Thankfully, there are plenty of ways to save money on flights and lodging that don’t involve eschewing them altogether—life hacks I didn’t even realize existed until I began reporting this story. Like, did you know you can download apps that will alert you the moment the price goes down on that flight you had your eye on? Or that hotels will often offer you better deals on rooms you’ve already booked if you find that room available for a cheaper price after the fact on some other site? The list goes on. And here it is:
Want to increase your odds of booking at the right time? Check out the Best Time to Book tool, which gives an indication of the best time to book your tickets between set routes for hundreds of destinations – and the cheapest months to travel, too. So whether you want to book a dream trip to Tokyo or a citybreak to Krakow, it’ll tell you how far ahead to book – and which months to travel – to maximise your chances of the lowest fares.
When it comes to some things in life -like Coachella tickets and restaurant reservations on Valentine’s day- it pays to book early. The same can’t always be said for booking flights. Flash sales or low booking rates can drop airfare prices as your travel date approaches. Be careful though- waiting too long can cost you big time too. Studies show the sweet spot is around 6 weeks before your domestic travel dates or 12 weeks before international travel dates. Everything else aside be prepared to book a ticket to one of your bucket list destinations on a whim when you hear of a sale!
While there are many other third-party ticket resale websites, the other most common place you can sometimes sell is via the place where you bought the tickets.  The best example is Ticketmaster, which allows for reselling tickets to some but not all events for which it is the primary ticket seller.  Many season ticket holders have the ability to sell their tickets through the sports team’s website, which is sometimes run by Ticketmaster (or sometimes StubHub for resale purposes, as is the case with Major League Baseball).
Brilliant advice, although people should make sure if they are using multiple airlines ticketed separately that they have good travel insurance. Airlines ticketed separately have no obligation if, say, the first flight is delayed and you miss your second flight. I have also had issues with lost luggage before, when airline one booked it straight through when I was ticketed separately on to airline two: both point the finger at the other and you don’t get anywhere fast! Good insurance is a must and good practice anyway!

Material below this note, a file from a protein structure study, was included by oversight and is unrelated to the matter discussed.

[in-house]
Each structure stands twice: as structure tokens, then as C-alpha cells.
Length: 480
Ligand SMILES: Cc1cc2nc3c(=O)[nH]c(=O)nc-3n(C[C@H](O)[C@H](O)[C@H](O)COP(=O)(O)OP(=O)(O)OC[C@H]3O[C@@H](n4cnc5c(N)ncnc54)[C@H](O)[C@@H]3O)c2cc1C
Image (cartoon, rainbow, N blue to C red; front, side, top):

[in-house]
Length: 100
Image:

The Simple Moving Average is first on the list of scalping indicator that can be used to create a very simple strategy. The simple moving average shows the average price over a specific time period allowing you to know if the price is going up or down, thus identifying a trend. So for example, if you wanted to plot the 7 period on a 10-minute chart, you would add all the closing prices of the last 70 minutes and divide that number by 7.  If you want to learn how to calculate simple moving averages and other types of moving averages check out this post.


Step 3: Watch and wait. This is the nerve-wracking bit. You'll need to wait at least 24 hours until you switch your Flexifare tickets to the dates you want. You'll be able to move each ticket by up to one week before or three weeks after, if there's space on a flight. You can change the dates as many times as you like – but if there's no availability, you won't be able to switch.

Ticket brokers play a very important middleman role for fans wanting to score premium seats to concerts, sporting events, award shows, or theater productions. Instead of having to stress out about playing the ticket lottery and settling for seats in the nosebleeds, services like StubHub give fans the option of choosing exactly where they’d like to sit for the show—no surprises, no disappointments.
Any more time and you might want to consider a more unplanned trip that utilises budget airlines and cheap off-season one way tickets. It’s not unreasonable to be able to do an around the world trip using the buy-as-you-go method for half the price of a true RTW ticket.  And the freedom you get from having an unplanned itinerary is fun and liberating.
In fact, when we checked, we found that a family of four flying to Tenerife could save £160 if they switched from London Luton to Gatwick, and a family flying to Malaga could save £188 flying from Gatwick instead of Southend. But the reverse can also be true, and our data doesn’t give any solid answers as to whether you’ll typically save by booking at a smaller airport or a larger one.
There is a possibility that airlines do not honor the booking of a flight with an error fare and cancel the reject your reservation (and, of course, refund your money). Therefore, it is advisable to wait at least 14 days after the purchase, before you begin to arrange accommodation and other travel logistics. Bear in mind, that even if you receive a confirmation email after your purchase, you are still not on the 'safe' side yet. However, if you also get an electronic flight ticket ... well, then there is a high probability that you will get away with it. :)
When buying tickets in ebay, there are many things that one should look out for. Anyone can run an ebay auction, but if you are going to buy tickets, such as a concert ticket, on ebay then you will need to make sure that it is from a reputable seller. The way to do this is to check their member profile rating. This will allow you to view how many good ticket transactions they have had, as well as if anyone suggests that the seller ripped them off. If a seller has more than a year of expereince selling at least 100 tickets on ebay and has had no complaints of any being fake, then you should feel comfortble buying tickets through them.